Monday, February 10, 2020

Klosters delivers yet again.

I spent 17 consecutive years skiing in Klosters with the famous Flying Grannies. [The FG's] . I got to know the off piste runs very well .

Sadly the last time I skied with the group was 2008.  Since then they have either died or key bits of their bodies have broken.  Still they went on into their late 70's.
So I was very excited to return with Chris Dovell and Lia Heisters.  Yet like most of the best trips it got off to an inauspicious start.
We left Chamonix in the lashing rain and endured it for the entire  5 hour ,500 km journey.

On the Monday it was not actually raining but it was warm.  So warm that the avalanche risk was 4 out of 5.  [The Swiss virtually never post a risk 5 unless there is a threat to buildings and infrastructure.]  We contented our selves by skiing around the resort , which is colossal.  Then in the afternoon the temperature dropped dramatically and it began to snow.

Tuesday: Every lift  was more or less shut .  The only area that was open was called the Rinerhorn.  A good  off-piste area but quite an undertaking  to get there, especially when the railway had been closed by wind blown trees across the line.
It kept us entertained  until it closed around us because of the strong wind.  We returned to Klosters stopping for a sandwich in Davos.
 It was snowing hard. So much so if, Donald had still been in town he might have said

 "How can you have global warming if it's snowing like this ?"

Coffee and cake stop .  Davos.
It dumped all night and the same snow-plough spent its entire evening  out side my window making loud scrapping noises mixed with lots of beeping each time it reversed.

Wednesday, eventually morning arrived.  We now had plenty of snow.  In fact too much , because all the lifts were again closed. Yet at about 9.15 Klosters opened the Gotschna cable car to its middle station.
From the 17 years with the Flying Grannies I knew that in these snow conditions this is all you need for skiing heaven.  We were off for some world-class powder skiing through the trees.  Our first run was back  down under the line of the cable  car.  Absolute perfection.  Then the top section opened. We headed up but although it was [euphemistically] atmospheric it was too windy to get really good off-piste skiing so we instead skied down the Schwarzeealp all the way back into Klosters and got some sublime pitches through the trees.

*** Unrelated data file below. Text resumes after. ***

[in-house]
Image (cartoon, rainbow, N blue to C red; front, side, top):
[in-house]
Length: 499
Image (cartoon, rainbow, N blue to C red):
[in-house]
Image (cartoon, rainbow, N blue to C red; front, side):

Next we went back up to the middle station and this time  cut out skiers left and skied the trees , ending up on the Klosters home run piste.  Here we put the skins on for about 10 minutes before attacking the meadows which head down to Sernus where we picked up the Post Bus back to Klosters, where we did a final lap from the Gotschna middle station.
Chris Dovell enjoying himself.
Thursday.  We now had marvellous snow and beautiful weather .  Every single turn was perfect.    Huge  descents from the top of the Weissfluhgipfel via the famous "Direttissima" run followed by powder pillows in the meadows. It was exceptional.
Lia Heisters putting in tracks in the early morning with the back drop of the Cassana

Perfect snow to ski
Friday .   Change of venue.  The other side of Klosters is home to Madrisa ski station.  It always took me a bit of negotiation to get the  FG's to ski there because  it was far too modern for them and it wasn't really Klosters.  [It opened in 1964]

Yet it has impressive skiing terrain.  Chris, Lia and I headed there and hit the sweet spot.  We skied line after line from the lift system and then in the afternoon headed down the long remote run to St Antonien.  Before we skied the run, I wanted to get the views of the local avalanche experts and dropped into the piste patrol office to see what they thought.  After all there were virtually  no tracks in the valley.

I had skied the route many times, the last time, rather poignantly, [although I didn't know it at the time]  was to be  the valedictory  run with the FG's before they signed off. - [Not a bad place to sign off either] Back again under different circumstances , the run was perfection.
The entry pitch into the St Antoien run.

Saturday. Inevitably the resort was busy.  Despite a sharpish start we were still in a queue for the Gotschana cable car.  But once we were through that we worked our way once again to the to off the Weissflugfel.  We dropped off the back and were instantly alone.

Klosters has a reputation as being a place for "posh wooley-heads" and royalty to hang out. But  the terrain we were in would have impressed anyone from the "extreme fat ski brigade."

We worked our way around and through the cliffs and eventually  found our selves once again on the   glorious north face of the "Direttissima"

Not sublime turns to start with , but in any other resort, after 3 days of sun they would have made your holiday.  Further down the skiing was once again perfection.  In the afternoon we skied the classic Gmeinboden off-piste run from the top of the Seetali drag lift.  Again only quite good at the top but flawless the lower we skied.

So may be the moral of the story is you need bad weather if you want good snow, yet Klosters delivered again.